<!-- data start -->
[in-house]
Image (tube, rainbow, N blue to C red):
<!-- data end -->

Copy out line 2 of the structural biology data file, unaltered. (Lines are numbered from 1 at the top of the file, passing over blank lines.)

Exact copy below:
Image (tube, rainbow, N blue to C red):